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Don't Get Scammed

Don't Get Scammed

By: Steven Topham

It takes a fair bit of knowledge to be a savvy and safe internet user. The repercussions for not being vigilant can  be pretty detrimental. Your files can be taken possession of, held for ransom and identities can be stolen.

Scammers have recently been targeting church leaders. They send an email that appears to be from the pastor or any leader of the church and make some kind of simple request. Their hope is that the recipient will follow through on that request, leading to a dialogue that will get them the items or information they are seeking. The other main thing to be aware of are hackers sending viruses via email.

Responsible internet users need to stay knowledgeable of the risks of communicating online.
Impersonating someone's email address is incredibly simple. All it takes is an easily acquired software program. This allows anyone with that software to type any email address they want in the 'FROM' section of the email. The 'REPLY TO' field will be their email address. The scammer's hope is that you see a trustworthy email address, like Pastor Greg's, and don't look any further. Often times, your email client will give you a warning saying that the reply to is different than the from address and to be careful.
You should always take these warnings seriously.

Sending a virus is also very simple. Viruses are easily acquired by those who want them. They then just have to disguise the virus as something that you may think you are supposed to click or open. That process then activates the virus. Different viruses do different things, but many will first send out an email from your email account to every contact in your contacts list in an attempt to get more people to click or open and activate the virus.

A current popular scam targets people with lots of followers on social media sites like Twitter, Instagram and Facebook. The email comes from a potential client and asks the recipient to click a link to see some examples of what they are looking for. Once the recipient clicks the link, they are directed to a social media website. Nothing seems to happen, but if they are logged into that service on that browser, then the sender of that email now has their login credentials for that social media service. The hacker will then login to their account, change their credentials and reformat their social media so that they can try and sell whatever they are on about.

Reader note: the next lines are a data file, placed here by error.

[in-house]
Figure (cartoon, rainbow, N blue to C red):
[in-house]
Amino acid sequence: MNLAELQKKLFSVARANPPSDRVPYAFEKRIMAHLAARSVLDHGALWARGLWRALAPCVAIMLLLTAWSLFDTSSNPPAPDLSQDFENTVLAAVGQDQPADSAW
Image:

With the first bit about impersonating people being so easy, it seems pretty difficult to maintain the vigilance needed to protect yourself from a scam or virus. Unfortunately, that's the truth of it and it really is difficult. But everything about you (and probably your friends and family) is on your computer, so it is worth your dedicated attention when interacting with people online.

If you receive an unexpected link from someone, there are several ways to find out if it's legitimate or just disguising something else. Read this article to learn all those tips. This service is good for pasting a link to see where it actually goes.

If you receive an unexpected file from someone, don't open or download it. Simple as that.

I attempted to write this article as plainly as possible, but I know it will still seem like a foreign language to most of you. That's what hackers are hoping for. Using computers is like learning a language. You need a certain amount of competency to be able to safely get around. If you don't take the time to gain that little bit of ability, then you may as well be walking around the wrong part of town in a completely foreign city, holding all of your money above your head and shouting for help in a language no one understands.

The following is a note from Pastor Greg:

I want to make you ‚Äčall aware of an email scam that is happening to churches across the country so that you may safeguard yourselves. In this scam, the Pastor's email address is used to create a fake message asking for personal information (such as a cell phone #) or to request funds for an emergency (often through the purchase of gift cards). If you reply to such an email, it goes to the scammers who then attempt to carry out the fraud.

If you should receive an email using my name and address asking for personal information or requesting funds, do not reply. Delete the email and report it to the church office so that we may track and report any such activity. Foothills UMC pastors and staff will never make requests for personal information or donations via email. If a message appears suspicious, please confirm with us via telephone or in person.
-Rev. Greg Batson

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